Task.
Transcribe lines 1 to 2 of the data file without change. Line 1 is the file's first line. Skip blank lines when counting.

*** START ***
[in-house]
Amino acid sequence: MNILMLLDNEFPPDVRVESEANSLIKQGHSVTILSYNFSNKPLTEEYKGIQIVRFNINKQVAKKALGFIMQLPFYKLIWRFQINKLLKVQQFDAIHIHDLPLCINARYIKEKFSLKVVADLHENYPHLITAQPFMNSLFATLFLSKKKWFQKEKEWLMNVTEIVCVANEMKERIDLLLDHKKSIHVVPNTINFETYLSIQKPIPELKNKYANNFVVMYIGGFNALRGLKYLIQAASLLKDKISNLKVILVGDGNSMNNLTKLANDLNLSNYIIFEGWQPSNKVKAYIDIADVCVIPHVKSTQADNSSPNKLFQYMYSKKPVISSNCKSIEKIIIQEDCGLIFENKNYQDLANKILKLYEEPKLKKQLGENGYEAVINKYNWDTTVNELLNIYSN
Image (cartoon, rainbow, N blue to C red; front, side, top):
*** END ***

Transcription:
[in-house]
Amino acid sequence: MNILMLLDNEFPPDVRVESEANSLIKQGHSVTILSYNFSNKPLTEEYKGIQIVRFNINKQVAKKALGFIMQLPFYKLIWRFQINKLLKVQQFDAIHIHDLPLCINARYIKEKFSLKVVADLHENYPHLITAQPFMNSLFATLFLSKKKWFQKEKEWLMNVTEIVCVANEMKERIDLLLDHKKSIHVVPNTINFETYLSIQKPIPELKNKYANNFVVMYIGGFNALRGLKYLIQAASLLKDKISNLKVILVGDGNSMNNLTKLANDLNLSNYIIFEGWQPSNKVKAYIDIADVCVIPHVKSTQADNSSPNKLFQYMYSKKPVISSNCKSIEKIIIQEDCGLIFENKNYQDLANKILKLYEEPKLKKQLGENGYEAVINKYNWDTTVNELLNIYSN